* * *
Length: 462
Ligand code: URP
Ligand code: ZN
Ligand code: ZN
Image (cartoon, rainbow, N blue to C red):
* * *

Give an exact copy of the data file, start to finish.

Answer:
Length: 462
Ligand code: URP
Ligand code: ZN
Ligand code: ZN
Image (cartoon, rainbow, N blue to C red):